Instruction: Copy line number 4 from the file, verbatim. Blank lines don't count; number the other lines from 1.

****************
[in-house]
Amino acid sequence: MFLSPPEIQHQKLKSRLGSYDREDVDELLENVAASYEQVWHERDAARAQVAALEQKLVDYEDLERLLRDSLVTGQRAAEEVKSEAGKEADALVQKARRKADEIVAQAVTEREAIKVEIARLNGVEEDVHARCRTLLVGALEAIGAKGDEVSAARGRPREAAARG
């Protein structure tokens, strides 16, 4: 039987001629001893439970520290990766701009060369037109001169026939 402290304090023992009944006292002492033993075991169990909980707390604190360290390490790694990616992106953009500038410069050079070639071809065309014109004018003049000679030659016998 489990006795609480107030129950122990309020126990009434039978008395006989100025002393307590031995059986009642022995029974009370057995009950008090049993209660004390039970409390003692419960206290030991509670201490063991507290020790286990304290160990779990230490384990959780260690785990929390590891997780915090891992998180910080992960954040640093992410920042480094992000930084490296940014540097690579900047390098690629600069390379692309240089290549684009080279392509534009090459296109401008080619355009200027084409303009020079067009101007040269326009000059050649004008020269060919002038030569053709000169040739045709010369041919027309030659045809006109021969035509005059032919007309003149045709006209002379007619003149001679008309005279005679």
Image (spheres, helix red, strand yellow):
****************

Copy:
Image (spheres, helix red, strand yellow):